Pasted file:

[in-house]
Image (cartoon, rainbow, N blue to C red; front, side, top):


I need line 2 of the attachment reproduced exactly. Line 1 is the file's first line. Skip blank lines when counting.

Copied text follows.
Image (cartoon, rainbow, N blue to C red; front, side, top):